Browsing Life Sciences Publications by Subject "1st-order"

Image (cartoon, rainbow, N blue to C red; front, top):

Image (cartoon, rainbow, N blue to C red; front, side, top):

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Pulling the other one: 1st- and 2nd-order visual information interact to determine perceived location.We demonstrate that the 1st- and 2nd-order characteristics of a visual stimulus can have a profound influence on each other in terms of perceived position. We use the parameter of spatial separation to selectively manipulate the effect of one characteristic upon the other. 1st-order features have their largest effect upon the perceived position of 2nd-order structure when separation is small, whilst the reciprocal effect is maximal at large separations. Implications for models of 1st- and 2nd-order interaction are discussed.